Electoral Registers come online

This week Ancestry have release two sets of Electoral Registers, one for London the other for Dorset.

The London Registers cover the period 1835 – 1965 and come courtesy of London Metropolitan Archives.

http://search.ancestry.co.uk/search/db.aspx?dbid=1795

The Dorset Registers cover the period 1839 – 1922 and come courtesy of the Dorset History Centre .

http://search.ancestry.co.uk/search/db.aspx?dbid=2167

As announced in March 2011 the British Library in conjunction with FindMyPast are digitising the Electoral Registers held by the British Library. The collection covers the whole of the UK from 1832 onwards.

http://www.bl.uk/press-releases/2011/march/british-library-and-findmypastcouk-to-digitise-5-million-pages-of-family-history-records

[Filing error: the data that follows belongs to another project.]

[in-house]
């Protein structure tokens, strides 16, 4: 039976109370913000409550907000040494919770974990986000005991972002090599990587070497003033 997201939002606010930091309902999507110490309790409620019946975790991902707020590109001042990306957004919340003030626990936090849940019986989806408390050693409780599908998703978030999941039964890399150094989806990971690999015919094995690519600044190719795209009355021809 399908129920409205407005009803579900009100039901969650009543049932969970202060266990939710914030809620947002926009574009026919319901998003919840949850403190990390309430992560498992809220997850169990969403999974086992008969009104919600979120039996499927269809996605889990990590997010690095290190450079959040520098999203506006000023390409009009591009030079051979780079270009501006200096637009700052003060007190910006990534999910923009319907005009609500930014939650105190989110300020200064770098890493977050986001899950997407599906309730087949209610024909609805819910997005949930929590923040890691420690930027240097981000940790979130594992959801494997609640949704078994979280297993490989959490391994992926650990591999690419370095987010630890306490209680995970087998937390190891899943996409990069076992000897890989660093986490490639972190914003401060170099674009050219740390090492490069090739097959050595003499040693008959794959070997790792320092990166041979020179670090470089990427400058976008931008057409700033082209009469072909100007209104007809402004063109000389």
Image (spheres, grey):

When searching electoral registers you need to be aware that they are lists of individuals who are eligible to vote during the time the register is in force, which is usually one year.

Registration for voters in England has been required since 1832, and registers were typically published annually, though some years had two, registers were not published during the latter years of  World War 1 (1916–1917) and World War 2 (1940–1944).

In the early registers you may no find your ancestors as restrictive property requirements denied the vote to much of the population for many years. The Second and Third Reform Acts of 1867 and 1884 eased the restrictions. In 1918 the restrictions were removed for men,  when most males age 21 and older were then allowed to vote. The right to vote was extended to some women over the age of 30 in 1918, but it was not until 1928 that the voting age was made 21 for both men and women.